• focus on their breathing
  • present moment awareness
  • learn through some teachings
  • discuss their experience with others
  • become more aware of their bodies
  • share poems and stories

The aim of these sessions is to teach participants to allow sounds to be present, learning to accept tinnitus rather than seeing it as something they need to fight with. Patients' recovery and quality of life are enhanced through this.

The use mindfulness as an approach to help with tinnitus was first introduced by Dr Laurence McKenna who co-authored this research. It was inspired by research into using similar methods to treat chronic pain and depression.

Comparing MBCT-t with group-based relaxation

Dr Marks conducted a series of research studies including a randomised controlled clinical trial, where MBCT-t was compared to a formal, group-based relaxation training method that often forms part of traditional treatments. Relaxation training was chosen because it shares similarities with MBCT-t (in terms of duration, group-structure, focus on learning a new skill, and home practice requirements). It therefore offered a good comparator to test whether a focus on mindfulness specifically could lead to a significant difference in outcome.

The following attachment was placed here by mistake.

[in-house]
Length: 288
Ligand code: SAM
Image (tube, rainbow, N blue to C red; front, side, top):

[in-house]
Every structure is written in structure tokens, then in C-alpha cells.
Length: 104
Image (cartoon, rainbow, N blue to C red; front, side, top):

The mindfulness was more helpful than relaxation in reducing tinnitus severity. Following MBCT-t 59% of people got better after the sessions, which increased to 62% after 6 months. An interview study showed that MBCT-t led to a wide range of benefits to mood, stress and quality of life, in addition to tinnitus. Results from a large, uncontrolled clinical evaluation of MBCT-t in a complex NHS sample showed a similar pattern of improvement, with recent findings suggesting such benefits can persist for over 5 years.

The findings from this research showed that MBCT-t profoundly changes how people think about and relate to tinnitus. This in turn reduces tinnitus severity, psychological distress, anxiety, depression and functional disability and improves overall quality of life.

Impact makes a sound

The findings from this research were published in prominent journals including Psychotherapy and Psychosomatics, Frontiers in Psychology, Ear and Hearing and the British Journal of Health Psychology.